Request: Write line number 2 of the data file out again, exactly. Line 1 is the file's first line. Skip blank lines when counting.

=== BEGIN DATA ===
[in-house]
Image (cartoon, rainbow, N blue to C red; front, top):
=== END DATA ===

Image (cartoon, rainbow, N blue to C red; front, top):